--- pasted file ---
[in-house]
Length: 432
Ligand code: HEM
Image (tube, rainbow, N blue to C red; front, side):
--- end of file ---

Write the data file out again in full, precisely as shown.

[in-house]
Length: 432
Ligand code: HEM
Image (tube, rainbow, N blue to C red; front, side):